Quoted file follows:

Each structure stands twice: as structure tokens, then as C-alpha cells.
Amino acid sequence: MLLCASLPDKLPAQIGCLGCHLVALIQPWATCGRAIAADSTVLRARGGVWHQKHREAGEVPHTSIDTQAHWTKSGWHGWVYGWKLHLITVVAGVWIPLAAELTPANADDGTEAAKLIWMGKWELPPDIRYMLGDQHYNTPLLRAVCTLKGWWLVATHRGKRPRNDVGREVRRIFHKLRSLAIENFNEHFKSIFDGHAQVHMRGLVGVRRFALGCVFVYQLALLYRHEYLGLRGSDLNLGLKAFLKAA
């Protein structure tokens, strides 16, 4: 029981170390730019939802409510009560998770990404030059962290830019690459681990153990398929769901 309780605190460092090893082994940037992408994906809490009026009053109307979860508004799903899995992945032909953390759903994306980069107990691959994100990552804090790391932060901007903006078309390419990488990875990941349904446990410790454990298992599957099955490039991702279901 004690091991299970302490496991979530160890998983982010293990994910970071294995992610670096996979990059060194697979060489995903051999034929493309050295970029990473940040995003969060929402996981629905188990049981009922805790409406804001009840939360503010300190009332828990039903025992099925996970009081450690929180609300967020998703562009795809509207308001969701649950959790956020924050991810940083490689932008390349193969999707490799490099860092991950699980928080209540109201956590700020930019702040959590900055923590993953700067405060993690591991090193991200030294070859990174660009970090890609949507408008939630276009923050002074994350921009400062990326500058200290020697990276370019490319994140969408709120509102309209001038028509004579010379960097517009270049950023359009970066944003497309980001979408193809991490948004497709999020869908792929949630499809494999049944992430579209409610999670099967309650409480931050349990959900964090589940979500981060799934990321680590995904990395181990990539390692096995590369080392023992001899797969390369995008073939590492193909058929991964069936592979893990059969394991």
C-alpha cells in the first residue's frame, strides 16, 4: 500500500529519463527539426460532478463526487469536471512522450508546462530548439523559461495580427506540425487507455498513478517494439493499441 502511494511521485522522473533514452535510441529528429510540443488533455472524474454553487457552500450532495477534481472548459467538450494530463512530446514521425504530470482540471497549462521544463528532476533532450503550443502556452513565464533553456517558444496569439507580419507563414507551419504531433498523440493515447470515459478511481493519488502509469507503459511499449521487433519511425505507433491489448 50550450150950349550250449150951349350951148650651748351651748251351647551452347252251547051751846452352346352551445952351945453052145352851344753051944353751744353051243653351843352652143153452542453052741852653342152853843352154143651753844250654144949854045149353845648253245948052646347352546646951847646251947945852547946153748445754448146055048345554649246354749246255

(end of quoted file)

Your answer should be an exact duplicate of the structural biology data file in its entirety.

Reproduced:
Each structure stands twice: as structure tokens, then as C-alpha cells.
Amino acid sequence: MLLCASLPDKLPAQIGCLGCHLVALIQPWATCGRAIAADSTVLRARGGVWHQKHREAGEVPHTSIDTQAHWTKSGWHGWVYGWKLHLITVVAGVWIPLAAELTPANADDGTEAAKLIWMGKWELPPDIRYMLGDQHYNTPLLRAVCTLKGWWLVATHRGKRPRNDVGREVRRIFHKLRSLAIENFNEHFKSIFDGHAQVHMRGLVGVRRFALGCVFVYQLALLYRHEYLGLRGSDLNLGLKAFLKAA
């Protein structure tokens, strides 16, 4: 029981170390730019939802409510009560998770990404030059962290830019690459681990153990398929769901 309780605190460092090893082994940037992408994906809490009026009053109307979860508004799903899995992945032909953390759903994306980069107990691959994100990552804090790391932060901007903006078309390419990488990875990941349904446990410790454990298992599957099955490039991702279901 004690091991299970302490496991979530160890998983982010293990994910970071294995992610670096996979990059060194697979060489995903051999034929493309050295970029990473940040995003969060929402996981629905188990049981009922805790409406804001009840939360503010300190009332828990039903025992099925996970009081450690929180609300967020998703562009795809509207308001969701649950959790956020924050991810940083490689932008390349193969999707490799490099860092991950699980928080209540109201956590700020930019702040959590900055923590993953700067405060993690591991090193991200030294070859990174660009970090890609949507408008939630276009923050002074994350921009400062990326500058200290020697990276370019490319994140969408709120509102309209001038028509004579010379960097517009270049950023359009970066944003497309980001979408193809991490948004497709999020869908792929949630499809494999049944992430579209409610999670099967309650409480931050349990959900964090589940979500981060799934990321680590995904990395181990990539390692096995590369080392023992001899797969390369995008073939590492193909058929991964069936592979893990059969394991």
C-alpha cells in the first residue's frame, strides 16, 4: 500500500529519463527539426460532478463526487469536471512522450508546462530548439523559461495580427506540425487507455498513478517494439493499441 502511494511521485522522473533514452535510441529528429510540443488533455472524474454553487457552500450532495477534481472548459467538450494530463512530446514521425504530470482540471497549462521544463528532476533532450503550443502556452513565464533553456517558444496569439507580419507563414507551419504531433498523440493515447470515459478511481493519488502509469507503459511499449521487433519511425505507433491489448 50550450150950349550250449150951349350951148650651748351651748251351647551452347252251547051751846452352346352551445952351945453052145352851344753051944353751744353051243653351843352652143153452542453052741852653342152853843352154143651753844250654144949854045149353845648253245948052646347352546646951847646251947945852547946153748445754448146055048345554649246354749246255